This review summarizes the effects of flexibility exercise for adults with fibromyalgia.
What problems do fibromyalgia cause?
People with fibromyalgia have persistent, widespread body pain. They may also have fatigue, anxiety, depression, and sleep difficulties.
What is flexibility exercise training?
Flexibility exercise training is a type of exercise that focuses on improving or maintaining the amount of motion available in muscles and joint structures by holding or stretching the body in specific positions.
We searched the literature up to December 2017 and found 12 studies (743 individuals) that met our inclusion criteria. Flexibility interventions were compared with control (treatment as usual), aerobic training interventions (e.g. treadmill walking), resistance-training interventions (e.g. using weight machines that provide resistance to movement), and other interventions (e.g. Pilates). The average age of participants was 48.6 years. Trials were conducted in seven countries, and most studies (58.3%) included only female participants. Exercise trials ranged from 4 to 20 weeks. The stretching exercise programs ranged from 40 to 60 minutes, 1 to 3 times a day. The intensity of the stretches (e.g. how far the stretch was taken in the available range of motion) was not reported in most cases. The time each stretch was held ranged from 6 to 60 seconds. The targeted muscles were usually of both the upper and lower extremities, neck, and back. The flexibility training was either supervised or done at home. Our main comparison was flexibility exercise versus land-based aerobic training.
Key results at the end of treatment for our main comparison
Compared with land-based aerobic exercise training, flexibility exercise resulted in little benefit at 8 to 20 weeks' follow-up.
Each measure below was measured on a scale from 0 to 100, with lower scores better.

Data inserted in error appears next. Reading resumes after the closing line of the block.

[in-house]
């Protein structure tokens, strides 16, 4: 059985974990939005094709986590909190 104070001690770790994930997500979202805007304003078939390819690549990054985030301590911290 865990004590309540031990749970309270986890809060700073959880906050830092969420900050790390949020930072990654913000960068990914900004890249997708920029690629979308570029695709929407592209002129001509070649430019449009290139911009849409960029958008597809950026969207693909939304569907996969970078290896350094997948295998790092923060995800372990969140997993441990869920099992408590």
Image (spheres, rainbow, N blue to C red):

Health-related quality of life: People who received flexibility exercise training were 4% worse (ranging from 6% better to 14% worse).
• People who had flexibility training rated their quality of life as 46 points.
• People who had aerobic training rated their quality of life as 42 points.
Pain intensity: People who received flexibility exercise training were 5% worse (ranging from 1% better to 11% worse).
• People who had flexibility training rated their pain as 57 points.
• People who had aerobic training rated their pain as 52 points.
Fatigue: People who received flexibility exercise training were 4% better (ranging from 13% better to 5% worse).
• People who had flexibility training rated their fatigue as 67 points.
• People who had aerobic training rated their fatigue as 71 points.
Stiffness: People who received flexibility exercise training were 30% better (ranging from 8% better to 51% better).
• People who had flexibility training rated their stiffness as 49 points.
• People who had aerobic training rated their stiffness as 79 points.
Physical function: People who received flexibility exercise training were 6% worse (ranging from 4% better to 16% worse).
• People who had flexibility training rated their physical function as 23 points.
• People who had aerobic training rated their physical function as 17 points.
Withdrawal from treatment
A total of 18 per 100 people dropped out of the flexibility exercise training group for any reason compared to 19 per 100 people from the aerobic training group.
We found no clear information on harms. One study reported that one participant had swelling (tendinitis) of an ankle tendon (Achilles), but it is unclear if this was related to participation in the flexibility exercise.
Quality of evidence
The evidence does not show that flexibility exercise significantly improves health-related quality of life, pain, fatigue, or physical function. The number of people dropping out from each group was similar. Although the evidence suggests that flexibility exercise improves stiffness, caution is advised in interpretation of these results, as this improvement was seen in only one study with very few participants. We considered the overall certainty of the evidence to be low to very low due to study design issues, the small number of participants, and low certainty of results.
When compared with aerobic training, it is uncertain whether flexibility improves outcomes such as HRQoL, pain intensity, fatigue, stiffness, and physical function, as the certainty of the evidence is very low. Flexibility exercise training may lead to little or no difference for all-cause withdrawals. It is also uncertain whether flexibility exercise training has long-term effects due to the very low certainty of the evidence. We downgraded the evidence owing to the small number of trials and participants across trials, as well as due to issues related to unclear and high risk of bias (selection, performance, and detection biases). While flexibility exercise training appears to be well tolerated (similar withdrawal rates across groups), evidence on adverse events was scarce, therefore its safety is uncertain.